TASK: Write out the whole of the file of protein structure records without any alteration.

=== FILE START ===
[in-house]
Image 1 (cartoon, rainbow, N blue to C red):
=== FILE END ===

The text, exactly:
[in-house]
Image 1 (cartoon, rainbow, N blue to C red):